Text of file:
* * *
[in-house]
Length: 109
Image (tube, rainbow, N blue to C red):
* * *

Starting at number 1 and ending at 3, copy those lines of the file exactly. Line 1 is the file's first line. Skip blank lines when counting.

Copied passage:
[in-house]
Length: 109
Image (tube, rainbow, N blue to C red):